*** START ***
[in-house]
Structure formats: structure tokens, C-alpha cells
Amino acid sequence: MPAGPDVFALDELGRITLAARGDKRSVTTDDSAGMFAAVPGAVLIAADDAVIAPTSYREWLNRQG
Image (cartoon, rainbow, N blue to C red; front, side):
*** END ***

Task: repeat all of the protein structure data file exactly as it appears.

[in-house]
Structure formats: structure tokens, C-alpha cells
Amino acid sequence: MPAGPDVFALDELGRITLAARGDKRSVTTDDSAGMFAAVPGAVLIAADDAVIAPTSYREWLNRQG
Image (cartoon, rainbow, N blue to C red; front, side):